And surprise, surprise! When we landed in Tuticorin, and were able to get out of the craft after all the non-handicapped people had done so, imagine my surprise to find that the airport was a really tiny one, and better still, I found Herbie just being removed from the craft. And I had fortunately been allowed to carry the joy-stick in my back-pack after the security personnel at Chennai airport had run it through the x-ray machine a second time to convince themselves that it was not a security-hazard. So I was able to ask the airline staff if I could just drive Herbie off after having connected the joy-stick, and my request was promptly acceded to, with the result that that must have been my fastest exit from an airport after landing! Thank God for small airports, I told myself.

But when we came to Thiruvananthapurum airport, and I tried taking the joy-stick in my back-pack, the security personnel would have none of that. They insisted that it should be checked in and the poor airline staff had to keep them and me happy by doing a make-shift packing job with old newspapers so the joy-stick would not get hurt in transit!

I can go on and on about airports in Hyderabad or Delhi or Mumbai, airlines SpiceJet, Jet Airwys and Air India/Indian Airlines, and the particular twist that the personnel in the particular airport/airline gave to their perception of what is, or is not allowed, but I will spare you the gory details! I just want to know what it will take to get some piece of documentation which will ensure that I am not subject to the vagaries of the mood of the officer at the security check in airports! Can't there be a standard rule adhered to by all airports and airlines - such as the maximum weight allowed per passenger - so the entire experience of flying with Herbie does not resemble a game of Russian roulette?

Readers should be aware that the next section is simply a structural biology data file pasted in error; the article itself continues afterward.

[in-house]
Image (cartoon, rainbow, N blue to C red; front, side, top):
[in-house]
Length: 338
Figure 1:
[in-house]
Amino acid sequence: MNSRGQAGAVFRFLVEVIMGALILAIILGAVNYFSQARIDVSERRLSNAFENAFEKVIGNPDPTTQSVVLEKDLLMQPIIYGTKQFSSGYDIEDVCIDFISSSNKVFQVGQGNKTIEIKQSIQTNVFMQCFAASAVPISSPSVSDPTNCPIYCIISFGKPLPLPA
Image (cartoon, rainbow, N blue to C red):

Friday, 7 December 2012

Whiter than white


A friend of mine invited my wife and me to lunch at her club today, and I inwardly groaned. Do you know that all the clubs where the well-heeled in Chennai hang out of an evening carry on this cultural baggage from the erstwhile British Raj. Originally and for the longest time, our white masters would not permit a brown-skinned native to sully the character of their fair clubs. I don't know the exact facts - which are not hard to find anyway- but if I am not mistaken there were no non-white members of the Madras Club till 1960 almost a decade and a half after the British had returned to Britain! In fact, when it began, it did not even allow white women into its club! Not surprisingly, the Madras Club is considered the most prestigious of all the clubs in Chennai even today.

And here is why I groaned at the prospect of going to one of the clubs: the brown sahibs who rule the roost have their own rules, according to which neither Gandhi nor Nehru would be allowed to enter the premises of one of these clubs. You cannot enter wearing a kurta, or a Tee-shirt unless it has a collar! Now I always go to work in a kurta and always wear shorts and Tee-shirts not hindered by collars on holidays. So I had to dress up in a shirt and pant and feel like I was in a fancy dress. This is India, for crying out loud!